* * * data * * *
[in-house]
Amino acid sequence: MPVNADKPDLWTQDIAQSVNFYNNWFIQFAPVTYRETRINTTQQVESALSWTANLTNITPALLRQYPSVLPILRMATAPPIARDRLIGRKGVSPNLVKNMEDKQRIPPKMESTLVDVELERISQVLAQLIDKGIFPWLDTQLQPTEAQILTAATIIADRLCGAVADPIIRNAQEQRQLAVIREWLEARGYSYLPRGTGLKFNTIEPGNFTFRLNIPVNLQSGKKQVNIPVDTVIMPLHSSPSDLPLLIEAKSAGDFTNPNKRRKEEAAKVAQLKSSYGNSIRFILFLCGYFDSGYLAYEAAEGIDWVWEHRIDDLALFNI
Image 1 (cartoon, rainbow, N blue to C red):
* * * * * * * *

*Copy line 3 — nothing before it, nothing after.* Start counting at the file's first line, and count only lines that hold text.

Image 1 (cartoon, rainbow, N blue to C red):